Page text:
Recent advances in the field of saliency have concentrated on fixation prediction, with benchmarks reaching saturation. However, there is an extensive body of works in psychology and neuroscience that describe aspects of human visual attention that might not be adequately captured by current approaches. Here, we investigate singleton detection, which can be thought of as a canonical example of salience. We introduce two novel datasets, one with psychophysical patterns and one with natural odd-one-out stimuli. Using these datasets we demonstrate through extensive experimentation that nearly all saliency algorithms do not adequately respond to singleton targets in synthetic and natural images. Furthermore, we investigate the effect of training state-of-the-art CNN-based saliency models on these types of stimuli and conclude that the additional training data does not lead to a significant improvement of their ability to find odd-one-out targets.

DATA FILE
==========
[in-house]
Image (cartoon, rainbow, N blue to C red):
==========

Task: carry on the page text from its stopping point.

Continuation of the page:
Supplementary material (ZIP)